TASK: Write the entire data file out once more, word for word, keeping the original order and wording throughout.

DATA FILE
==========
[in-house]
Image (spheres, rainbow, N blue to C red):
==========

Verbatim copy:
[in-house]
Image (spheres, rainbow, N blue to C red):